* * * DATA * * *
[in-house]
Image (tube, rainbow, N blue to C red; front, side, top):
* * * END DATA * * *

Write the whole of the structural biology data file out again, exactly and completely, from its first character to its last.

[in-house]
Image (tube, rainbow, N blue to C red; front, side, top):